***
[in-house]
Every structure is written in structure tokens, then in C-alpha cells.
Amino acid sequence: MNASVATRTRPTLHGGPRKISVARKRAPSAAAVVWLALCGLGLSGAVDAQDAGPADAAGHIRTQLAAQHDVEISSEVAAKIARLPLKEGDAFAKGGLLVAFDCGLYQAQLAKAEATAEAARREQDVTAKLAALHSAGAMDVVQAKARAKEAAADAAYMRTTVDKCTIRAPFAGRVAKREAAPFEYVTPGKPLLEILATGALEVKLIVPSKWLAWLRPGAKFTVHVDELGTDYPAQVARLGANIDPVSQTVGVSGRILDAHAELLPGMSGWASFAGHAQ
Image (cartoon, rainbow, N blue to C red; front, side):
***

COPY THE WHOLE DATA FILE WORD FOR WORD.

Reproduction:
[in-house]
Every structure is written in structure tokens, then in C-alpha cells.
Amino acid sequence: MNASVATRTRPTLHGGPRKISVARKRAPSAAAVVWLALCGLGLSGAVDAQDAGPADAAGHIRTQLAAQHDVEISSEVAAKIARLPLKEGDAFAKGGLLVAFDCGLYQAQLAKAEATAEAARREQDVTAKLAALHSAGAMDVVQAKARAKEAAADAAYMRTTVDKCTIRAPFAGRVAKREAAPFEYVTPGKPLLEILATGALEVKLIVPSKWLAWLRPGAKFTVHVDELGTDYPAQVARLGANIDPVSQTVGVSGRILDAHAELLPGMSGWASFAGHAQ
Image (cartoon, rainbow, N blue to C red; front, side):